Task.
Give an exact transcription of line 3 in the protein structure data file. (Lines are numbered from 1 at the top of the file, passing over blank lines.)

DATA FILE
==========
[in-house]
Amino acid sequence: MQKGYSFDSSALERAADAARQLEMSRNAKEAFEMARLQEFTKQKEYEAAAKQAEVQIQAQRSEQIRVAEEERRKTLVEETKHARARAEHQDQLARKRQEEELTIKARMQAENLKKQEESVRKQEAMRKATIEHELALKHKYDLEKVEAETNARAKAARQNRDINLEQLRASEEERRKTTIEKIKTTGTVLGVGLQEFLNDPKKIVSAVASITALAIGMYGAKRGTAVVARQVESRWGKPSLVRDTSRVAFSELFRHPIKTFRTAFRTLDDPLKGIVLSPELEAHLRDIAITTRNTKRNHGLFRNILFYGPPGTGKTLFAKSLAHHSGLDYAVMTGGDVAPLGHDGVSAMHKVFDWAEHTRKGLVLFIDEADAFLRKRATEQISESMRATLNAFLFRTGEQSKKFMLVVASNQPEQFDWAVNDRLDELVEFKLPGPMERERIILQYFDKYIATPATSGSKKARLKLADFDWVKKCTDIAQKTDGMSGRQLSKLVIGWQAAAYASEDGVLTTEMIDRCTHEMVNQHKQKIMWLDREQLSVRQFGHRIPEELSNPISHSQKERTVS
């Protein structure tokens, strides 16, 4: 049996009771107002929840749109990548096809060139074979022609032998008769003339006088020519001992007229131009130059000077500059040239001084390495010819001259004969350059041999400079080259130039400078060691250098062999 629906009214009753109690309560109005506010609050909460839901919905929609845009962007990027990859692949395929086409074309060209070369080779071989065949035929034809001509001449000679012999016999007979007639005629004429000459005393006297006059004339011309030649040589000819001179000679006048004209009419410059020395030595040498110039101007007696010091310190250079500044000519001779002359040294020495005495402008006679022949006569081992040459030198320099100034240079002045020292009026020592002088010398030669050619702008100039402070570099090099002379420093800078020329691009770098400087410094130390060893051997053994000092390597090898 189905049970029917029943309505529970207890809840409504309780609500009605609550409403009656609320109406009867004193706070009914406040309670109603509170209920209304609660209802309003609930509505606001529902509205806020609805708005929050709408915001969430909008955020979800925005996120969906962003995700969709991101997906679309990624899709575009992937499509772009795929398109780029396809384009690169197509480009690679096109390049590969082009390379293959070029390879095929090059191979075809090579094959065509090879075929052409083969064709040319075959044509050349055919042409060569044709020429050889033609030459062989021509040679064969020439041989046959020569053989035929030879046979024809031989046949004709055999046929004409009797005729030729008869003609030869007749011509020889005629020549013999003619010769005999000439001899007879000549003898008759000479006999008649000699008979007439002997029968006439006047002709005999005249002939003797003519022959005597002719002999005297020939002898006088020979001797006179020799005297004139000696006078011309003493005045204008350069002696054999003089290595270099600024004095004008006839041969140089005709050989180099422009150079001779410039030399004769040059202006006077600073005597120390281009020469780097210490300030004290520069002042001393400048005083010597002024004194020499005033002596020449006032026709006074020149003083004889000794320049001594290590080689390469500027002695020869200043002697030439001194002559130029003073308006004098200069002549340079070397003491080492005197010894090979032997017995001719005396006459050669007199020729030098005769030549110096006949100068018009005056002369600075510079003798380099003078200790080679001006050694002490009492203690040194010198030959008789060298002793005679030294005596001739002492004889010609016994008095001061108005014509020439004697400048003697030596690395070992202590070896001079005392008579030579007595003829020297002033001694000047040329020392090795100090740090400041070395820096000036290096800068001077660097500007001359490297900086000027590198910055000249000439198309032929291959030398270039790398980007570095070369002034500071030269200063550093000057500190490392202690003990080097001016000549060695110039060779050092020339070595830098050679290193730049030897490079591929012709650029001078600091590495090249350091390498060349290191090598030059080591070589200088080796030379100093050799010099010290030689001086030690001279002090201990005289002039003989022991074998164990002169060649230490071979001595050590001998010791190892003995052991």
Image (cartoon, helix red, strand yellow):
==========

């Protein structure tokens, strides 16, 4: 049996009771107002929840749109990548096809060139074979022609032998008769003339006088020519001992007229131009130059000077500059040239001084390495010819001259004969350059041999400079080259130039400078060691250098062999 629906009214009753109690309560109005506010609050909460839901919905929609845009962007990027990859692949395929086409074309060209070369080779071989065949035929034809001509001449000679012999016999007979007639005629004429000459005393006297006059004339011309030649040589000819001179000679006048004209009419410059020395030595040498110039101007007696010091310190250079500044000519001779002359040294020495005495402008006679022949006569081992040459030198320099100034240079002045020292009026020592002088010398030669050619702008100039402070570099090099002379420093800078020329691009770098400087410094130390060893051997053994000092390597090898 189905049970029917029943309505529970207890809840409504309780609500009605609550409403009656609320109406009867004193706070009914406040309670109603509170209920209304609660209802309003609930509505606001529902509205806020609805708005929050709408915001969430909008955020979800925005996120969906962003995700969709991101997906679309990624899709575009992937499509772009795929398109780029396809384009690169197509480009690679096109390049590969082009390379293959070029390879095929090059191979075809090579094959065509090879075929052409083969064709040319075959044509050349055919042409060569044709020429050889033609030459062989021509040679064969020439041989046959020569053989035929030879046979024809031989046949004709055999046929004409009797005729030729008869003609030869007749011509020889005629020549013999003619010769005999000439001899007879000549003898008759000479006999008649000699008979007439002997029968006439006047002709005999005249002939003797003519022959005597002719002999005297020939002898006088020979001797006179020799005297004139000696006078011309003493005045204008350069002696054999003089290595270099600024004095004008006839041969140089005709050989180099422009150079001779410039030399004769040059202006006077600073005597120390281009020469780097210490300030004290520069002042001393400048005083010597002024004194020499005033002596020449006032026709006074020149003083004889000794320049001594290590080689390469500027002695020869200043002697030439001194002559130029003073308006004098200069002549340079070397003491080492005197010894090979032997017995001719005396006459050669007199020729030098005769030549110096006949100068018009005056002369600075510079003798380099003078200790080679001006050694002490009492203690040194010198030959008789060298002793005679030294005596001739002492004889010609016994008095001061108005014509020439004697400048003697030596690395070992202590070896001079005392008579030579007595003829020297002033001694000047040329020392090795100090740090400041070395820096000036290096800068001077660097500007001359490297900086000027590198910055000249000439198309032929291959030398270039790398980007570095070369002034500071030269200063550093000057500190490392202690003990080097001016000549060695110039060779050092020339070595830098050679290193730049030897490079591929012709650029001078600091590495090249350091390498060349290191090598030059080591070589200088080796030379100093050799010099010290030689001086030690001279002090201990005289002039003989022991074998164990002169060649230490071979001595050590001998010791190892003995052991």